How is your energy standing charge calculated?
Energy standing charges vary massively and our handy guide explains exactly what a standing charge is and what it pays for.
What is a standing charge?
Energy bills are made up of two different groups of charges:
- the commodity cost i.e. the actual cost of the gas or electricity consumed
- non-commodity costs – these are all charges that originate from the government and third parties such as distribution companies.
Standing charges include a range of ‘non-commodity costs’. The standing charge is a fixed daily amount that you must pay whether you are actually consuming energy or not. The standing charge includes a contribution towards:
- using and maintaining the energy networks, wires and pipes that carry gas and electricity across the country to your meter
- keeping your meter connected to the energy network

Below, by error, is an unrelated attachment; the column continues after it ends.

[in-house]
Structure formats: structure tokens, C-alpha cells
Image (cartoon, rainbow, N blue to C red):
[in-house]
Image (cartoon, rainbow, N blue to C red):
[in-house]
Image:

- payments towards government initiatives such as helping vulnerable households and reducing CO2 emissions.
What else can affect my standing charge?
Who your supplier is, where in the country your meter is located and what type of meter it is will also have an impact on the standing charge. There is no regulated definition of what should be included in the standing charge rather than in the unit rate, so suppliers calculate standing charges in different ways. For example, our electricity supplier EDF also includes the following elements in their standing charges:
- Cost to serve
- Distribution Use of System (DUoS)
- Renewable Obligations (RO).
Why can my standing charge change when you renew my contract?
Our energy portfolio was previously split across a number of different suppliers, however this year we have begun consolidating the portfolio to a single supplier for electricity and a single supplier for gas. As each supplier’s method of calculating standing charges can be different, you may see a difference in these charges when compared to previous bills.